Thursday, May 27, 2010

Learning lessons

So ... last night I was teaching a crochet class with my daughter to two students. A mother and daughter came together to learn a new skill together. It got me to thinking about the learning process and how some people set themselves up to fail. The both commented that they had been "trying" with help from another friend but that they just couldn't get it. Below are some of their comments followed by what I wish I could have said but was very good and didn't.

Student: This looks horrible!
My Brain: Only because you have just begun you twit. What did you expect that you would be perfect to start with?

Student: Mine doesn't look like yours!
My Brain: Of course it doesn't. I've been crocheting for over 30 years. You've only begun tonight.

Student: I knew I couldn't do it
My Brain: Then why the hell did you sign up for this class and waste both your time and mine? I could be home knitting or reading a book or sewing.

Student: I can't do this!
My Brain: Well with an attitude like that I can see why you can't.

Student: Throws yarn down in a huff
My Brain: I think you need a little time out. Why don't you go walk around in the glue section for a while and find me the one that smells like hyacinth.

Student: I don't understand why people think this is easy
My Brain: I think I need a little time out. I'm going to go walk around in the glue section for a while until I find the one that smells like hyacinth.

Student: Do you think that knitting would be easier?
My Brain: Yes; I think that knitting is much easier and I prefer it. But I'd also prefer for you not to take anymore of my classes because I think you are a twit and lack major self-confidence that I can't rebuild in two and one half hours and I really don't know if I can take even that much more of your doubt and self-loathing.

Why is it people sign up to take a class (and it doesn't just have to be crochet or knitting, it can be a language class, a writing class, a programming class, a cooking class, whatever) and go into it thinking, "I can't do this"? Why did you take the class to begin with? Didn't you want to learn something new? Didn't you want to use that knowledge to better yourself in some way? Of course you may not get it the first (or second or even twentieth time) but if you stop after that first time you will have succeeded in failing. Every new skill requires some work and dedication. I've seen my children work through learning experiences, but I can't recall them ever saying, "I can't." They might say, "I"m not getting this" or "I don't understand this" or (my personal favorite) "Can you show me again?"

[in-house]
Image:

I hope those of you that read this don't see yourself in this post. I hope that you are as bewildered as I am. If you do happen to find yourself here, please consider why you want to learn something and what kind of attitude you are approaching a new venture with. The world is exciting with thousands of possibilities out there and we aren't going to succeed at all of them, but if we start with a defeatist attitude we might as well not even try to begin with.

Approach learning with an open mind and an open spirit. Even if it is a mandatory class in school, consider what you might gain from it. Be joyful in your acquisition of knowledge and experiences. And for my sake (and those of your professors) stop whining!

Monday, May 24, 2010

Not feeling like a failure and failing in the kitchen

(Note: That is not my stove or I would not be this calm)

After going through my collection of query letters (and corresponding rejects) I realized I don't feel like a failure. Most of my rejects were your standard "Dear Author that I didn't even take time to fill in your name because this is a form letter and if you don't think it is then you fooling yourself, We may or may not have looked at your submission but we didn't like your name (the one we didn't bother to type above) so good luck (and get a new name). Sincerely, Random Agent." A few actually used my name and two actually gave me some decent feedback on what they were or were not looking for. Those are the ones that I look at most as they are reminder that someone out there at least took the time to look past my name. And It has been just slightly more than a year since I started down the "Let's see if I can be published road." So not bad. And it has given me time to take a second (and third and fourth) look at my writing and decide where it needs work. The biggest failing on my trilogy (my beloved trilogy that I have endeavoured over and even if it is never published will remain my favorite story) was a proper name. I never could find a good name for my books and then yesterday it all came to me what these books were called and voila! it feels more finished now. It's amazing how a book can change when it has a proper title (or rather how three books can change when they have proper titles).

As for the exploding kitchen. Let's just say that the text to Mr. KCW today read, "Dinner is homemade bread and whatever you kill and bring home." The oven works fine. The stove is setting itself up to be shot at sunrise. I'm wondering if I take my stove out the front door and push it down the driveway (I have a long steep driveway) and it crashed in the middle of the street if Mr. KCW would get the hint that I am not happy with the inadequate cooking appliance in the kitchen. I'd be happy if I had at least one large burner on which I could boil a pot of water, but NOOOOOooOOOOO! Stupid large burners are non-functioning (again) and one had the gall to explode and catch on fire (although not as lovely and dramatic as the picture above). Some days the front one works and some days it doesn't. Mostly it doesn't. And mostly I yell at it. I'm down to heating vegetables and cooking ramen. Both which I can do in the microwave. Oh and I can make a white sauce. Looks like we are going to have lots of ramen this week.